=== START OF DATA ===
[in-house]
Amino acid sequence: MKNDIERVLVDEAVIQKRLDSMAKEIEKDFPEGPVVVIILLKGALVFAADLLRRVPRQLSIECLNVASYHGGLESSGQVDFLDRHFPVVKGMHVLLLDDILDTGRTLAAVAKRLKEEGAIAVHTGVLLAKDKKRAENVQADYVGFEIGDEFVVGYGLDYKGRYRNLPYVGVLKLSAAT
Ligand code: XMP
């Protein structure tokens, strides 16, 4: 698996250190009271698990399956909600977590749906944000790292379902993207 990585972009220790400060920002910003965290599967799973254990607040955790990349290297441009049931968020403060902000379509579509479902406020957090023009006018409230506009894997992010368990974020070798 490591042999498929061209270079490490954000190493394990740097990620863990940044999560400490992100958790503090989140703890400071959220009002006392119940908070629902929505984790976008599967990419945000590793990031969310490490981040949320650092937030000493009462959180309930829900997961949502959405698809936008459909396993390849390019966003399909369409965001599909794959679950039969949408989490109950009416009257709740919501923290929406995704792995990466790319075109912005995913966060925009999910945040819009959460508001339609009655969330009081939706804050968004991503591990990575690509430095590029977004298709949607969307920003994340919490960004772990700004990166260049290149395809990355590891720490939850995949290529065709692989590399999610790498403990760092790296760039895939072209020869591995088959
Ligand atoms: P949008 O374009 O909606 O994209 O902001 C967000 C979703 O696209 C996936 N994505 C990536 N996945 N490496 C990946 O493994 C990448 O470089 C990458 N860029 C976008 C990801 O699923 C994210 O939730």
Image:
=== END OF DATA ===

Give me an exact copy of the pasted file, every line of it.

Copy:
[in-house]
Amino acid sequence: MKNDIERVLVDEAVIQKRLDSMAKEIEKDFPEGPVVVIILLKGALVFAADLLRRVPRQLSIECLNVASYHGGLESSGQVDFLDRHFPVVKGMHVLLLDDILDTGRTLAAVAKRLKEEGAIAVHTGVLLAKDKKRAENVQADYVGFEIGDEFVVGYGLDYKGRYRNLPYVGVLKLSAAT
Ligand code: XMP
């Protein structure tokens, strides 16, 4: 698996250190009271698990399956909600977590749906944000790292379902993207 990585972009220790400060920002910003965290599967799973254990607040955790990349290297441009049931968020403060902000379509579509479902406020957090023009006018409230506009894997992010368990974020070798 490591042999498929061209270079490490954000190493394990740097990620863990940044999560400490992100958790503090989140703890400071959220009002006392119940908070629902929505984790976008599967990419945000590793990031969310490490981040949320650092937030000493009462959180309930829900997961949502959405698809936008459909396993390849390019966003399909369409965001599909794959679950039969949408989490109950009416009257709740919501923290929406995704792995990466790319075109912005995913966060925009999910945040819009959460508001339609009655969330009081939706804050968004991503591990990575690509430095590029977004298709949607969307920003994340919490960004772990700004990166260049290149395809990355590891720490939850995949290529065709692989590399999610790498403990760092790296760039895939072209020869591995088959
Ligand atoms: P949008 O374009 O909606 O994209 O902001 C967000 C979703 O696209 C996936 N994505 C990536 N996945 N490496 C990946 O493994 C990448 O470089 C990458 N860029 C976008 C990801 O699923 C994210 O939730």
Image: